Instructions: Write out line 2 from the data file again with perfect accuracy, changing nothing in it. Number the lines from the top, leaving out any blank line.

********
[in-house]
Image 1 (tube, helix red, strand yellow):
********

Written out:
Image 1 (tube, helix red, strand yellow):